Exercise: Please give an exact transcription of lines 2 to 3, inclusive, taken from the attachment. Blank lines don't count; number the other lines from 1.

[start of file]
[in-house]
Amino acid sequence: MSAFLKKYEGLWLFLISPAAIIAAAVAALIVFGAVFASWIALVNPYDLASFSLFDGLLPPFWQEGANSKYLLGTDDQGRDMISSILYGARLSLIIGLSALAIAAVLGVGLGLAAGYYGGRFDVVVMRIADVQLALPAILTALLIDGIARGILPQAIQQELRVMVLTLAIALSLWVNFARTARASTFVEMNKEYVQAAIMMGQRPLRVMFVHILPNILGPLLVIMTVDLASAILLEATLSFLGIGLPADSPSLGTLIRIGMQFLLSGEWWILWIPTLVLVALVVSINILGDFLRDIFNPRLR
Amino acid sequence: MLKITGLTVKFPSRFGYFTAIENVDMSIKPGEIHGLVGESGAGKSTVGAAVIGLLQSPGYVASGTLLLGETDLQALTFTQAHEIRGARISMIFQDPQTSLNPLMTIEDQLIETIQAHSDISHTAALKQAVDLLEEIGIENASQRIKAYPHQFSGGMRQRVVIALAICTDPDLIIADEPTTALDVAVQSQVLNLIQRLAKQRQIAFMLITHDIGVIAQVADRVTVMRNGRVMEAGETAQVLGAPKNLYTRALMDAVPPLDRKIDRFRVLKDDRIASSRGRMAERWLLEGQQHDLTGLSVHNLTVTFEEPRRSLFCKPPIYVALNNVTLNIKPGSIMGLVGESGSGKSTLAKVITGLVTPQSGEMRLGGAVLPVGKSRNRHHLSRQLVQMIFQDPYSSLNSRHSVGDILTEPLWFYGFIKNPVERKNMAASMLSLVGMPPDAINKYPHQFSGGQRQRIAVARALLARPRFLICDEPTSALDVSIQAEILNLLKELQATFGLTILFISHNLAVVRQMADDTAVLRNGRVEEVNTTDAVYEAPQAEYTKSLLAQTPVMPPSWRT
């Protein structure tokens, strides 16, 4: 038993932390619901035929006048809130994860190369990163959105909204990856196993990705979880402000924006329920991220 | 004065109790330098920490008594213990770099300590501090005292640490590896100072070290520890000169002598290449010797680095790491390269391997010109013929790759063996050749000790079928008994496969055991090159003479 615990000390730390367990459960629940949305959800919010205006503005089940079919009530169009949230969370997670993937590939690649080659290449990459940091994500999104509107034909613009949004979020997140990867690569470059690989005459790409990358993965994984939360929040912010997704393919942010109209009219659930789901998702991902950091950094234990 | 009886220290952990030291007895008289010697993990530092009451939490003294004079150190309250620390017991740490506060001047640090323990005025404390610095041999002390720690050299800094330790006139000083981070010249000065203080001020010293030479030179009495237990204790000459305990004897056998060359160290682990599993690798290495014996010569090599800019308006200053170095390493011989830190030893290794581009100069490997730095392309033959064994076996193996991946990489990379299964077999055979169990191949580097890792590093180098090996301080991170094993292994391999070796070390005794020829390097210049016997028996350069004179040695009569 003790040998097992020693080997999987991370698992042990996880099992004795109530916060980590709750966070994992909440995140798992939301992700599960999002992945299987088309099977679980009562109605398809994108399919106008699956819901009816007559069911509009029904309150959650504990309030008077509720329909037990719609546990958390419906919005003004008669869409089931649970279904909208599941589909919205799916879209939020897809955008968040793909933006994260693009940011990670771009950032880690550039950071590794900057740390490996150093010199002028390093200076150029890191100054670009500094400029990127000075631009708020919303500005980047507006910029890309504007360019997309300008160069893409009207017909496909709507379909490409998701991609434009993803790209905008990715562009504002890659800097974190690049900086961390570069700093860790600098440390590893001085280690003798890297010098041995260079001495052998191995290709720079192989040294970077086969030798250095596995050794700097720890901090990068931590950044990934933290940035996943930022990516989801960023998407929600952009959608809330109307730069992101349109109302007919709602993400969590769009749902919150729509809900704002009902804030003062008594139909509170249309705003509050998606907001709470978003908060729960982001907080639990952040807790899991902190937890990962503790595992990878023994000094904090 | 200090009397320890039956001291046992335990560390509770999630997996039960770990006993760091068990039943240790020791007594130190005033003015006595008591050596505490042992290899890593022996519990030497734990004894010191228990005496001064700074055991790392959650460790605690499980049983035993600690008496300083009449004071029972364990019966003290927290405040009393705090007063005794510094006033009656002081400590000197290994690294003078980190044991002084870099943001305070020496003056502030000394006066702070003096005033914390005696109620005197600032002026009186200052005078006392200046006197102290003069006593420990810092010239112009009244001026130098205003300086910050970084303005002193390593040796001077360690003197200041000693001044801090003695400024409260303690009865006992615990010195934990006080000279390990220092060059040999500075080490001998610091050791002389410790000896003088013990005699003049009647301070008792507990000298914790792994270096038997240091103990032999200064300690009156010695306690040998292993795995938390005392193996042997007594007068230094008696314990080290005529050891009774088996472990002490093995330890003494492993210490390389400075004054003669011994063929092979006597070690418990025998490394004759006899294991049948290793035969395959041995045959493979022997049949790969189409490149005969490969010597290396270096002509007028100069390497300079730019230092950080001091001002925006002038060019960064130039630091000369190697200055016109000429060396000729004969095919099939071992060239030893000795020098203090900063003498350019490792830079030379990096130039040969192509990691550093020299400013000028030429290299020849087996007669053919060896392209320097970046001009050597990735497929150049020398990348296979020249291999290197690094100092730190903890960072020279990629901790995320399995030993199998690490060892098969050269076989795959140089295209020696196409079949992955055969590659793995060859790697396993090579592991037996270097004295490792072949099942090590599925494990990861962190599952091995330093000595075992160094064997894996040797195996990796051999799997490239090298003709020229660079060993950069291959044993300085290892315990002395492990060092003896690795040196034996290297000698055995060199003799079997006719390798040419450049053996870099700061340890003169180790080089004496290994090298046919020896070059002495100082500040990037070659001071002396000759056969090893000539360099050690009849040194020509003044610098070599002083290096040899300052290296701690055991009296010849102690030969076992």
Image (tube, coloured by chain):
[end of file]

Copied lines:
Amino acid sequence: MSAFLKKYEGLWLFLISPAAIIAAAVAALIVFGAVFASWIALVNPYDLASFSLFDGLLPPFWQEGANSKYLLGTDDQGRDMISSILYGARLSLIIGLSALAIAAVLGVGLGLAAGYYGGRFDVVVMRIADVQLALPAILTALLIDGIARGILPQAIQQELRVMVLTLAIALSLWVNFARTARASTFVEMNKEYVQAAIMMGQRPLRVMFVHILPNILGPLLVIMTVDLASAILLEATLSFLGIGLPADSPSLGTLIRIGMQFLLSGEWWILWIPTLVLVALVVSINILGDFLRDIFNPRLR
Amino acid sequence: MLKITGLTVKFPSRFGYFTAIENVDMSIKPGEIHGLVGESGAGKSTVGAAVIGLLQSPGYVASGTLLLGETDLQALTFTQAHEIRGARISMIFQDPQTSLNPLMTIEDQLIETIQAHSDISHTAALKQAVDLLEEIGIENASQRIKAYPHQFSGGMRQRVVIALAICTDPDLIIADEPTTALDVAVQSQVLNLIQRLAKQRQIAFMLITHDIGVIAQVADRVTVMRNGRVMEAGETAQVLGAPKNLYTRALMDAVPPLDRKIDRFRVLKDDRIASSRGRMAERWLLEGQQHDLTGLSVHNLTVTFEEPRRSLFCKPPIYVALNNVTLNIKPGSIMGLVGESGSGKSTLAKVITGLVTPQSGEMRLGGAVLPVGKSRNRHHLSRQLVQMIFQDPYSSLNSRHSVGDILTEPLWFYGFIKNPVERKNMAASMLSLVGMPPDAINKYPHQFSGGQRQRIAVARALLARPRFLICDEPTSALDVSIQAEILNLLKELQATFGLTILFISHNLAVVRQMADDTAVLRNGRVEEVNTTDAVYEAPQAEYTKSLLAQTPVMPPSWRT